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Temple (2017) Review

Familiar horror film with young Americans in Japan.

Temple is a 2017 horror film about three American tourists who follow a mysterious map deep into the jungles of Japan searching for an ancient temple, only to find a nightmare.

Here we go again. Another horror film where reckless American young people get mixed up in ancient lore and horror in the hollows of a foreign country, this time in Japan, a popular setting in the genre. Michael Barrett‘s Temple isn’t looking to rewrite the book per se, only to add pages to it, plodding along in the ruts of so many that have come before. It’s a slow, uninteresting experience that fails to make good on nearly every hint of promise it offers.

It begins after something horrific has happened, leaving a terribly-disfigured and unrecognizable person enclosed in a heavy plastic bubble getting wheeled into a hospital room where investigators are waiting with some very heavy questions. As they inquire about what they’ve found, the film flashes back a week earlier when the lovely Kate (Natalia Warner), her slick boyfriend James (Brandon Sklenar) and her longtime best friend Chris (Logan Huffman) head to Japan to explore. Right away they find a mysterious book in a shop and inside see drawings of a temple they want to visit, despite the shopkeepers warnings. And many others. Eventually, they make their way to it in the dead of night having learned about a tragedy in its past. But they are not alone.

It’s really a mistake to label Temple as a horror film, despite its trappings. The story takes nearly all of its runtime before the first legitimate ‘scare’ makes it on screen with these three characters sluggishly building up some tension between them as questions of loyalty and true feelings are tenuously played out. In fact, it becomes almost painfully hopeful that Barrett and screenwriter Simon Barrett are trying to make a point about this triangle (with a crucial moment in a nightclub being the catalyst for it all) but they are each such shallow personalities of horror film archetypes that there’s no interest in their fates when the time comes when it should matter. Instead, the filmmakers are much more focused on keeping everything as dark as possible, looking to lead us on a circuitous path to an ambiguous ending.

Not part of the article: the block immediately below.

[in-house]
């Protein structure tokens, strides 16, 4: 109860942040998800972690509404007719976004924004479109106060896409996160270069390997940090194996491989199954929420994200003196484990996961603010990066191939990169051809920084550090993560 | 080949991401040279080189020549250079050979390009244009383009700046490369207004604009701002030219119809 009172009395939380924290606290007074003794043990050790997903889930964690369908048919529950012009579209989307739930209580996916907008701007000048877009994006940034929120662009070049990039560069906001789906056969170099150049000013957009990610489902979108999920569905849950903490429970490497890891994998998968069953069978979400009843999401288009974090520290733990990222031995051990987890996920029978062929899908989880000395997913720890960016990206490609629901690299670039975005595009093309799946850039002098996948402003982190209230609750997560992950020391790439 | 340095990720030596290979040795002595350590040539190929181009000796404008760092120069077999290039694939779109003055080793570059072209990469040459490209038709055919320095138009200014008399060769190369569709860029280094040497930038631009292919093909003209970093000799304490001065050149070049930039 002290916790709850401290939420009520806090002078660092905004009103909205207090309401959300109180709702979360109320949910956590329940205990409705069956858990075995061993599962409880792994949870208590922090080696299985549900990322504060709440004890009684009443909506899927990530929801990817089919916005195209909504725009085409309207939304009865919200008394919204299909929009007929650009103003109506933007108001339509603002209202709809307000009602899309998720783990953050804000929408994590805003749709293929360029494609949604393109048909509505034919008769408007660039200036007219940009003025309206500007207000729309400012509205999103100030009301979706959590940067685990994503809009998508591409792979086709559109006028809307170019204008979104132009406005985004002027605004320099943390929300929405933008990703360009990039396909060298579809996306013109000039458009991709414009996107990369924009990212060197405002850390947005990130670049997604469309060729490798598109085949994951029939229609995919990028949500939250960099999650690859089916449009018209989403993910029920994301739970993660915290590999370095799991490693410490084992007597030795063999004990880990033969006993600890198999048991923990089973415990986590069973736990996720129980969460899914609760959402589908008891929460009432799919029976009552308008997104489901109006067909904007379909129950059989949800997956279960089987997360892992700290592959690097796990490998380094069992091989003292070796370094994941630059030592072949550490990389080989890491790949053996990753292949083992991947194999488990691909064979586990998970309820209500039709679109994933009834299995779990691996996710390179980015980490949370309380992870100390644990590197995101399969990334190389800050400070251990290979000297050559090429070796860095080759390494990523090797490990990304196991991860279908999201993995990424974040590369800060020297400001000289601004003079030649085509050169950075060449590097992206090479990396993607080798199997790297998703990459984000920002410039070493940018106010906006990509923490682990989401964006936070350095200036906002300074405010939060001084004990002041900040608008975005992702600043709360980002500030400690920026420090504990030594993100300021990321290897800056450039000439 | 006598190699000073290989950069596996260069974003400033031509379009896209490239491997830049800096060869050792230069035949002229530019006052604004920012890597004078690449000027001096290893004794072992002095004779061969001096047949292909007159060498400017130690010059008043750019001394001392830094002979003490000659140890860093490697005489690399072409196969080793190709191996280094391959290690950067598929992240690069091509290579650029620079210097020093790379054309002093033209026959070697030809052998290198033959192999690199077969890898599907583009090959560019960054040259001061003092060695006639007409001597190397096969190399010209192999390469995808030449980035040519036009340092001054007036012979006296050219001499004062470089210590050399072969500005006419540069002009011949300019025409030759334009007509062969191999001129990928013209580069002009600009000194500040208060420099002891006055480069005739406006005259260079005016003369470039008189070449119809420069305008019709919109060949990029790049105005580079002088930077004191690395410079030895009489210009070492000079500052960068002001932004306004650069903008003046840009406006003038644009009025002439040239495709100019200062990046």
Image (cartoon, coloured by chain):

Temple
Temple, 2017 © Absurda

The film bookends itself with the interrogation, and while admittedly the opening is intriguing, it is ultimately a dead end. We are left with questions we shouldn’t have but more so, there is very little inspiration in trying to find the answers. It’s too bad because while it is all standard stuff, Barrett does manage to give it some style and when it’s light enough to see, is genuinely good looking. The actor do well too, considering the limits of the screenplay, but there’s just no getting over the lack of momentum. While we are meant to consider alternatives for what really happened at the Temple in question, it’s all too rudimentary, the movie unable to inspire a single scare and worse, a reason for there to even be one. Fans of Japanese horror may find some glint of promise in some of what’s here but for the rest, this will be a hollow experience.

Temple (2017) Review

Movie description: Temple is a 2017 horror film about three American tourists who follow a mysterious map deep into the jungles of Japan searching for an ancient temple, only to find a nightmare.

Director(s): Michael Barrett

Actor(s): Naoto Takenaka, Asahi Uchida, Logan Huffman

Genre: Horror

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